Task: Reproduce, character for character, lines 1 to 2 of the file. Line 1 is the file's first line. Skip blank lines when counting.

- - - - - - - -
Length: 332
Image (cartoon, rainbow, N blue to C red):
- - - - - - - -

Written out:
Length: 332
Image (cartoon, rainbow, N blue to C red):